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Justice

Most of us have a sense of “justice”. We can all be outraged if we personally suffer from what we consider to be an injustice. Socialists are often surprised by just how shocked people can be when the inherent injustice of the capitalist system impacts on them as individuals. For many, politics is felt to be remote from their personal lives. It is only when an individual tragedy is suffered that some become politically aware and “active”. An obvious example is when innocent bystanders are injured or killed in a “terrorist outrage” of some kind. The irony is, of course, that such acts are invariably motivated by someone else's sense of injustice. This might just include the desire for social justice and it is this we will seek to define.

Children are often heard declaring the unfairness of this or that. Amongst siblings any perceived parental preference for one over the other is felt as an intense injustice. In nature this battle for parental attention is a matter of life and death. In humans it is more often a matter of emotional validation for the child. A childhood without the expression of love from the parents is a lonely and terrible place. Any reasonable person would expect a parent to maintain some kind of equality in their response to all of their children. And here is the basis of any concept of justice – social equality. We expect to be treated by others the way we attempt to treat them. The fact that our insecurities and ignorance sometimes make this impossible only increases its importance as a social necessity.

Of course these sentiments have not always been, and in some parts of the world are still not, accepted. For instance it is only in relatively recent times that a female child is considered the equal of a male child. Furthermore, the whole concept of social equality is considered an anathema in hierarchical societies while in Western Europe it is morally acceptable but considered impractical as a political reality.

To an impartial observer, perhaps a tourist from another planet, there is a glaring contradiction between the values expressed by those in power and the social reality. Nowhere is this more exemplified than in capitalism's legal system. The power of the state is justified by the claim that the law is applied equally to every citizen. Theft in all its forms, with one glaring exception, is condemned and its practitioners pursued. But profit is the 'raison d'être' of the whole system and what is this if not lalised theft? The exploitation of labour may be legal but isn't the taking of wealth from someone without exchanging something of equal value the definition of theft?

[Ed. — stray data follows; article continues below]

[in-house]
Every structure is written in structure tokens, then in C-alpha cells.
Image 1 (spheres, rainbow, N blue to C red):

A similar hypocrisy exists concerning the crime of murder. The intentional killing of one person by another is illegal and immoral unless committed during a war when the offender is quite likely to receive a medal. Even if we concede the illogicality of the system can it be said that it is applied equally to all? Only the most naïve of us can maintain this when a “good lawyer” can cost a fortune in contrast to one appointed via legal aid.

When the capitalist class began its conquest of political power during the English Revolutions of the 17th century they converted not only the mode of production but also the theory of justice that rationalised its ubiquity. The enclosure of the common land already begun by the old regime was accelerated until wage slavery became the only option for the majority to sustain itself. So like all the subsequent bourgeois revolutions, the capitalist system was created through acts of theft and murder. This new reality was continually defended by theories of justice, which sought only to legitimise the new rulers, and their source of wealth and power – the exploitation of labour for the extraction of profit. Although many were aware of this hypocrisy and sought to redress the injustice of the realities of their lives via trade unions etc., historically there was no alternative to the capitalist mode of production – until much later.

Someone once said that a child has no understanding of justice because it will readily condemn the weather, when it prevents some activity or other, as unfair. It is the same with socialists, that person said, the system is like the weather and we have no power over it – it is the only reality and when socialists complain of its injustice we are like children shaking our fists at the elements. But events are undermining that identification of capitalism with nature as the only reality. Humanity now has the power to feed the world several times over and it is only the law of production for profit that prevents it. Capitalism has evolved the mode of production to a point where it has become an anachronism as an economic and political system. It has indeed created the nails for its own coffin

Theories of “justice” evolve and change in response to the economic realities of human life, and that history might represent the redemption of humanity from its invention of private property is a seductive idea. What the writer knows for sure in his humble role as a socialist propagandist is that capitalism and its defenders are now dealing with a remorseless tide of discontent fuelled, amongst many other things, by the tension between its promises and its reality.